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Credit Cards- So many choices

Every week you may get a credit card offer in the mail or in an email, but which credit card is right for you? How do you determine which card will work for your lifestyle and are there even considerations to take before choosing? The answer to these questions is undoubtedly yes and described in more detail below.

First off when you're selecting a credit card you do not want to simply compare interest rates and call it a day. There are many more considerations to take before making a snap judgment. The goal is choosing a card that works well for your budget and repayment ability. Start by asking yourself a few key questions:

For what reason do I need a credit card? If you are wanting a credit card for unwise reasons such as taking cash advances, think again. Many credit consumers do not know that cash advances work in very different ways than regular purchases do. For example, if you carry a balance on a card of $500 then take a cash advance out on your card for $1000, the $1000 amount will collect interest in the high teens or twenties. But what most consumers don't know is that that interest will continue to accrue until the day you pay off your complete balance of $500. Only then will the $1000 cash advance amount be paid down with your payments. Also note that you will be paying interest on top of interest until you pay off the balance of the card. So be wise and make informed decisions.

Do I currently owe money and how much? If the answer is yes, ask yourself if it makes sense to take out even more debt or should you try and pay down your current debt. You may be better off creating a savings account for emergencies and restricting your budget.

Is it possible that I have too many credit cards currently? This can be a great question to ask because it could possibly effect your credit score. The number of credit lines, the balance owed, and the limits on each credit line can effect your credit score. Credit agencies consider your current borrowing power to determine credit worthiness. If you are near or at your credit limits, it could reflect poorly in your credit score.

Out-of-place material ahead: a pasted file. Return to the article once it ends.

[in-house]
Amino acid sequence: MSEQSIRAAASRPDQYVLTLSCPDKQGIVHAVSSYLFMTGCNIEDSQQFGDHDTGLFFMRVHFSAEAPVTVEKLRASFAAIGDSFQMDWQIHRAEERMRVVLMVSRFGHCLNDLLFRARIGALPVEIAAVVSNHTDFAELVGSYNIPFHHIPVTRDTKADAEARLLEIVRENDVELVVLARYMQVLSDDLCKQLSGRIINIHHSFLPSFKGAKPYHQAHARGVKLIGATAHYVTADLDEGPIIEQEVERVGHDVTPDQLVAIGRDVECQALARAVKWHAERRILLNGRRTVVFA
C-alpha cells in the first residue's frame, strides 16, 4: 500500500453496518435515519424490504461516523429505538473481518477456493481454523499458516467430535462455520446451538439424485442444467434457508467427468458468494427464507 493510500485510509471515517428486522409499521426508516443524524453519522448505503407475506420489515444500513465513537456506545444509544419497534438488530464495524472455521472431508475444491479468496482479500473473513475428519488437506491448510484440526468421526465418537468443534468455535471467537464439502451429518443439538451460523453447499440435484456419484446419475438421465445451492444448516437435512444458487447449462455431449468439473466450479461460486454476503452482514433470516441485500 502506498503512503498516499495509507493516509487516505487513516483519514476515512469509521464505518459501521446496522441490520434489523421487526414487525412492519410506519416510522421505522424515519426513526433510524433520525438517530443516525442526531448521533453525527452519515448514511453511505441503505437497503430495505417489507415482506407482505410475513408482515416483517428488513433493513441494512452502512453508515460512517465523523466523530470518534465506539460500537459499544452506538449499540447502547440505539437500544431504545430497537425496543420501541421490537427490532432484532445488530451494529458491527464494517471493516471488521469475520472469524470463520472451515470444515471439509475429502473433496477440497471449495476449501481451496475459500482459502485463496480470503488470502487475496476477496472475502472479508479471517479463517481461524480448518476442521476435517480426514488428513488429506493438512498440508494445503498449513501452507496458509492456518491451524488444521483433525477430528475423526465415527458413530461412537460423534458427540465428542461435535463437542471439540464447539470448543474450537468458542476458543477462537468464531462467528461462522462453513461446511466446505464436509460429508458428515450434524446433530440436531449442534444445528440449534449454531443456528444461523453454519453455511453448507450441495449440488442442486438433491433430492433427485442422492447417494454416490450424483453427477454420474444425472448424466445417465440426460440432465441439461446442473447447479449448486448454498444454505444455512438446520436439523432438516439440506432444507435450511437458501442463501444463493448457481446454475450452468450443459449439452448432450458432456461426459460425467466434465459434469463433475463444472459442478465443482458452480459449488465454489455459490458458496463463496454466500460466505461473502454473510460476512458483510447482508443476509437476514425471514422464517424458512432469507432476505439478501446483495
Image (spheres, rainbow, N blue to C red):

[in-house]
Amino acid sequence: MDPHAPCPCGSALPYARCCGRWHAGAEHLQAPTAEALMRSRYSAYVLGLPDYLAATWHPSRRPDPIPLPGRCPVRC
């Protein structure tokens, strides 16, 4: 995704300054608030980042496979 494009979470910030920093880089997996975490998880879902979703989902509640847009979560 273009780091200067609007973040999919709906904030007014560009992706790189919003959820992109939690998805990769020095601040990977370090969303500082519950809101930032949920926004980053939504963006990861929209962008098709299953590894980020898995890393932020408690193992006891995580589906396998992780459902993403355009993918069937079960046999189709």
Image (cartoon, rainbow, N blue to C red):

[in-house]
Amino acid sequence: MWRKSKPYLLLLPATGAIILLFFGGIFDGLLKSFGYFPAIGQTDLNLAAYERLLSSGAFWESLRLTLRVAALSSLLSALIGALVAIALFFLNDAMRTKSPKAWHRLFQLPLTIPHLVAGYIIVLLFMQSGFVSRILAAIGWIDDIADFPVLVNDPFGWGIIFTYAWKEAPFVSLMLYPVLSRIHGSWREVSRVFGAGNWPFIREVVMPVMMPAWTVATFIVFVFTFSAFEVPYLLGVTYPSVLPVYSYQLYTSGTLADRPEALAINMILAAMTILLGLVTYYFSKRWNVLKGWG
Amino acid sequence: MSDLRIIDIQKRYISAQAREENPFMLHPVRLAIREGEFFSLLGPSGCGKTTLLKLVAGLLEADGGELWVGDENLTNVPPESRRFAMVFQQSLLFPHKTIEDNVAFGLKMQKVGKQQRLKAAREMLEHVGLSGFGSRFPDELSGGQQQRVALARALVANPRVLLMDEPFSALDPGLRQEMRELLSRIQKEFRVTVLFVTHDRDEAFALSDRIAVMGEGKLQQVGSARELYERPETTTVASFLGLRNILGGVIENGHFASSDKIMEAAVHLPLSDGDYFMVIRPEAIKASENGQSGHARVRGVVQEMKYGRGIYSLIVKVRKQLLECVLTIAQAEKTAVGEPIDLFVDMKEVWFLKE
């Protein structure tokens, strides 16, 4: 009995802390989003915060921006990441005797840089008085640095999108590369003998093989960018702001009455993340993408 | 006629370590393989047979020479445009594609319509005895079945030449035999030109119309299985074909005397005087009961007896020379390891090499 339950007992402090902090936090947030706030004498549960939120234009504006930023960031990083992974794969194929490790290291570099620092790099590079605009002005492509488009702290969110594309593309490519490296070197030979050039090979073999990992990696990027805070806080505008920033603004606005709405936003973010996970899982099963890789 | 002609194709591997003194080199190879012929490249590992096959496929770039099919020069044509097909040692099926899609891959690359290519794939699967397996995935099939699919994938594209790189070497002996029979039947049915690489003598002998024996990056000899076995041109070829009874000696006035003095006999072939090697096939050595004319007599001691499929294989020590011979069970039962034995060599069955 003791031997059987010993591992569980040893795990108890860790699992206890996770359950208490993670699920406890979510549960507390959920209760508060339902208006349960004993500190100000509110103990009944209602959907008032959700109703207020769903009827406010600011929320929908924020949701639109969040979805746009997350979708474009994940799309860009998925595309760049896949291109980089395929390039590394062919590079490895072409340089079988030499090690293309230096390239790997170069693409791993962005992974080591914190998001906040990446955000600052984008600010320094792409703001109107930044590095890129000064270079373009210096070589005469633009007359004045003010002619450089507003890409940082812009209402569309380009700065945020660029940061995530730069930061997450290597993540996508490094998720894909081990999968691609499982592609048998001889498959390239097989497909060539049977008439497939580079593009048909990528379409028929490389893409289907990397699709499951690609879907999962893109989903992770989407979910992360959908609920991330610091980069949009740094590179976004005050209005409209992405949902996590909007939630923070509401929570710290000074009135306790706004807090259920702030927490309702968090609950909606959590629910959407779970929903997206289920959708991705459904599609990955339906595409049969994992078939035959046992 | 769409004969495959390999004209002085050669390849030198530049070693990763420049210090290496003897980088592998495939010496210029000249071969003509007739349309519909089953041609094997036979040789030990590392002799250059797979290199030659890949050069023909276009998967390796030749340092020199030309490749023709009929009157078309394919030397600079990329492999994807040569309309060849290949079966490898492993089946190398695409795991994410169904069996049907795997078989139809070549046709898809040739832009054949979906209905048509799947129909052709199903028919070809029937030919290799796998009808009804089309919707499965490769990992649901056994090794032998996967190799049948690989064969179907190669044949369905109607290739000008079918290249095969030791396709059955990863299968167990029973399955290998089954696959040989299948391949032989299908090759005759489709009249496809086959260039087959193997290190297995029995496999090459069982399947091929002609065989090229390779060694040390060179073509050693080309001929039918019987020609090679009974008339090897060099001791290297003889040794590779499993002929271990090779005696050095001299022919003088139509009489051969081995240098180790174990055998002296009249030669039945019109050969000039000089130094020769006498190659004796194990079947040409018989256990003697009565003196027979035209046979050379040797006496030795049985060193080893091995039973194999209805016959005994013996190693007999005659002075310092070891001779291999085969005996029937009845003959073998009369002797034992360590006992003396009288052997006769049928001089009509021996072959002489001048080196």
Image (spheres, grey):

If you're still considering a card, ask yourself:

Do I plan to pay off the balance on this new card each month or carry a balance? Be an informed credit consumer. Different cards for different intended uses will save you money. For example, if you intend to pay the entire balance at the end of each month, a credit card with no yearly fee might be more cost efficient. But, if you intend to carry a balance on the card, be sure to compare APRs of the cards of your choice.

Not All Balance Transfers Are Created Equal

Be sure to read the disclosures of each offer before making a commitment. It is good practice to be aware of any balance transfer fees, APRs, and other terms and conditions. Make note of any tiered rate for balance transfers and purchases. Typically, you will pay a higher interest rate on purchases and a lower rate on a balance transfer; However, the higher rate purchases will not be paid off with your monthly payments until the complete balance of the balance transfer is completely paid for.

One last note

Most consumers find it annoying, for lack of better words, to receive offers for credit cards, insurance, and other credit type items. Well you can stop this never ending junk mail madness. Read more about this at Stop the Junk Mail.

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